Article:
Awash in campaign ads, anticipating its share of the $700 billion bailout, and looking forward to tonight's town-hall debate between Barack Obama and John McCain, "Poetry & Popular Culture" looks backward more than a century to the presidential campaign of Republican Benjamin Harrison, who served one term as President from 1889-1893. Without radio or tv at his disposal, Harrison found an unlikely poetic campaign ally and endorsement from Snow & Silver Soaps manufactured by Thompson & Chute of Toledo, Ohio, which—on the trade card pictured above—plugged Harrison's campaign with a little ditty titled "Victory":
Election day is near at hand,
To choose the President of our land—
One of honor, strength and hope,
Who uses SNOW and SILVER soap.
In every place, from every mouth,
From east to west, from north to south,
The people's voice will sure attest,
That SNOW and SILVER are the best.
The wrappers, too, will bring a treasure,
Which gives unbounded joy and pleasure.
Mail twenty in to our address,
A gift most rare you will possess.
Forgive "Poetry & Popular Culture" for being a little bit cynical in noting that Snow & Silver soaps fail to mention Harrison by name in their advertising poem, relegating his likeness to the reverse side of the card. I wouldn't be surprised to find a similar card published by Snow & Silver that has Grover Cleveland—Harrison's Democrat opponent and then-incumbent president—pictured on it as well. Indeed, like Big Oil or any industry seeking a lobbying presence in D.C. today, Snow & Silver soaps is playing two sides at once (literally), possibly even using the same vague poetic endorsement to promote both candidates. After all, as their poem indicates, the soaps' desire is more to ensure their own commercial success than to endorse any particular candidate or platform.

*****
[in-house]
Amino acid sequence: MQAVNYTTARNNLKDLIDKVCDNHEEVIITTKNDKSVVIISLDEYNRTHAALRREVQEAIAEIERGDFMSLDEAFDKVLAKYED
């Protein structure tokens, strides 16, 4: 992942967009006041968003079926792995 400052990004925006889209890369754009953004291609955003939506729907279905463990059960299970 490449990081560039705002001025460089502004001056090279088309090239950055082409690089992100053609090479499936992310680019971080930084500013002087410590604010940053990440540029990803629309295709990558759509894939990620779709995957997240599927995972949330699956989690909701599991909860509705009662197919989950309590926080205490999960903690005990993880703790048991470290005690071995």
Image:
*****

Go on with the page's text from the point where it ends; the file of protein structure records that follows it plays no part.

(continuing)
Indeed, Snow & Silver is positioning itself not just as an equal opportunity endorsement, but as a purer expression of American democracy than the election! Buoyed by "the people's voice" and available to one and all, the soaps offer—at the minor inconvenience of sending in a couple of wrappers—"a gift most rare" to any American seizing the chance. Characteristically vague in this respect as well, the ad withholds what, exactly, that gift will be: a $10 gas card? A new hybrid? An oil slick in Alaska?
If all this sounds eerily familiar, consider that we were talking a lot about the Cleveland/Harrison election a few years ago when Al Gore won the popular vote and our beloved W won the electoral vote. Indeed, it was the 1888 election that saw the Democrat Cleveland win the popular vote while sudsy-slick Republican Harrison took the electoral vote. Karl Rove or no Karl Rove, it's clear that, a century later, political endorsements, campaign ads, and the U.S. electoral system have yet—soap or no soap—to clean up their acts.
Postscript: In the time since the foregoing entry was posted, I had occasion to contact University of Illinois professor of English Cary Nelson, who has assembled a very large archive of 19th- and 20th-century advertising poetry. Nelson has confirmed my suspicions that, yes indeedy—you guessed it—Snow & Silver did in fact issue a trade card with the likeness of Cleveland on one side and the same "Victory" poem (pictured above) on the other. Pick a card, any card: it's business as usual.